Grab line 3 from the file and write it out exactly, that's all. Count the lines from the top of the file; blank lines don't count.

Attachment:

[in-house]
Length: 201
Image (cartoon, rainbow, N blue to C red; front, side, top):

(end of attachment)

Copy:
Image (cartoon, rainbow, N blue to C red; front, side, top):